Any object freefalling from the sky onto the ground can wreck damage – based on how high its starting point in the sky was or the pace at which it descends, and also its size. Parachutes were invented to cut down on this descent pace, and helicopters employ a similar concept called "autorotation". So, do or can drones autorotate like a helicopter too?
Unlike a helicopter, drones usually cannot auto-rotate as they're not equipped with variable-pitch rotors critical for "autorotation". A drone's static-pitch rotor design renders "autorotation" pretty much unfeasible. There, however, could be drones with variable-pitch rotors supporting autorotation.
Auto-rotation is a technical concept, and to understand why it's not a design feature in drones but only helicopters; it's crucial to take a deep-dive into the subject. In this article, the concept of "autorotation", its significance, why drones do not have the function, why helicopters are capable of it, and much more are discussed at an in-depth level.
What is Auto-Rotation, After All?
Autorotation is a helicopter's main rotor being driven by aerodynamic forces instead of traditional engine power. It's akin to a fixed-wing airplane's gliding flight. When in autorotation, the helicopter descends as there is no forward thrust that the aircraft usually gets from its main rotor.
The "autorotation" phenomenon entails the engine disengaging from the primary rotor setup, and the blades propelled exclusively by the air's upward flow via the rotor. In a standard helicopter flight, the air gets drawn into the primary rotor setup from above and used up downward. During autorotation, however, air travels up the rotor setup from beneath as the aircraft descends.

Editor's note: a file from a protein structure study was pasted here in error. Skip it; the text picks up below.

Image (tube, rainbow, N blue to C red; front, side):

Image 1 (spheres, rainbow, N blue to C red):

Autorotation is possible in a helicopter due to the "freewheeling unit" that allows the primary rotor to turn continuously even when the engine is turned off or fails. The freewheeling component is a unique clutch mechanism that can disengage each time the engine's rotation speed is lesser compared to the rotor moving speed. The relative wind's aerodynamic forces also help maintain rotor pace.
When or At What Point Autorotation Takes Place?
Autorotation usually kicks in when the aircraft's engine fails. If it's a two-engine helicopter, both engines should have failed for "autorotation" to kick in. Auto-rotations, however, could also be carried out when the tail rotor fails.
How important is a tail rotor to a helicopter? A helicopter's tail rotor provides a couple of essential functions.
- It offers the counteracting force the primary rotor needs for optimal functioning.
- And without the tail rotor's sideways thrust, the primary rotor-generated torque will turn the helicopter's frame in the opposite path.
When the engine fails, the drag aspect rapidly decreases the rotor speed. If the speed goes down below a certain RPM (revolutions per minute), the rotor will come to a halt altogether. As a result, the helicopter will descend right away, creating an upward airflow via the rotor setup. The flow of air via the rotor modifies the drag-and-lift vectors along the blades' span but keeps them turning.